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Cranford Elizabeth Gaskell

Samuel Brown

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Miss Pole had begun to have her suspicions at this point, and expressed her idea that it was rather strange that the box and cart and horse and all should have disappeared; but good Mrs Roberts seemed to have become quite indignant at Miss Pole's implied suggestion; in fact, Miss Pole said she was as angry as if Miss Pole had told her that she herself was a swindler. As the best way of convincing the ladies, she bethought her of begging them to see the wife; and, as Miss Pole said, there was no doubting the honest, worn, bronzed face of the woman, who at the first tender word from Lady Glenmire, burst into tears, which she was too weak to check until some word from the landlady made her swallow down her sobs, in order that she might testify to the Christian kindness shown by Mr and Mrs Roberts. Miss Pole came round with a swing to as vehement a belief in the sorrowful tale as she had been sceptical before; and, as a proof of this, her energy in the poor sufferer's behalf was nothing daunted when she found out that he, and no other, was our Signor Brunoni, to whom all Cranford had been attributing all manner of evil this six weeks past! Yes! his wife said his proper name was Samuel Brown - "Sam," she called him - but to the last we preferred calling him "the Signor"; it sounded so much better.

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The end of their conversation with the Signora Brunoni was that it was agreed that he should be placed under medical advice, and for any expense incurred in procuring this Lady Glenmire promised to hold herself responsible, and had accordingly gone to Mr Hoggins to beg him to ride over to the "Rising Sun" that very afternoon, and examine into the signor's real state; and, as Miss Pole said, if it was desirable to remove him to Cranford to be more immediately under Mr Hoggins's eye, she would undertake to see for lodgings and arrange about the rent. Mrs Roberts had been as kind as could be all throughout, but it was evident that their long residence there had been a slight inconvenience.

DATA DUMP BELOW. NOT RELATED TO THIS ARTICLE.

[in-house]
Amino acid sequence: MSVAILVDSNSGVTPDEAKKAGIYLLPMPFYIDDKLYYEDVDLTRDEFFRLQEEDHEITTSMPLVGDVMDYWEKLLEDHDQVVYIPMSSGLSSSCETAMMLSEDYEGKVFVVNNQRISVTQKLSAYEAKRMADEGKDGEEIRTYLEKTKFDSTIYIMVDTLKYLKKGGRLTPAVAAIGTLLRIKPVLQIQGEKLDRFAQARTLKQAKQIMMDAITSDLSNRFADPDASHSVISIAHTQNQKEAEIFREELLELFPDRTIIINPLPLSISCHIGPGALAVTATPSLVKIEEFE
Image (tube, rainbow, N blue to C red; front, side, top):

Before Miss Pole left us, Miss Matty and I were as full of the morning's adventure as she was. We talked about it all the evening, turning it in every possible light, and we went to bed anxious for the morning, when we should surely hear from someone what Mr Hoggins thought and recommended; for, as Miss Matty observed, though Mr Hoggins did say "Jack's up," "a fig for his heels," and called Preference "Pref." she believed he was a very worthy man and a very clever surgeon. Indeed, we were rather proud of our doctor at Cranford, as a doctor. We often wished, when we heard of Queen Adelaide or the Duke of Wellington being ill, that they would send for Mr Hoggins; but, on consideration, we were rather glad they did not, for, if we were ailing, what should we do if Mr Hoggins had been appointed physician-in-ordinary to the Royal Family? As a surgeon we were proud of him; but as a man - or rather, I should say, as a gentleman - we could only shake our heads over his name and himself, and wished that he had read Lord Chesterfield's Letters in the days when his manners were susceptible of improvement. Nevertheless, we all regarded his dictum in the signor's case as infallible, and when he said that with care and attention he might rally, we had no more fear for him.

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Elizabeth Gaskell

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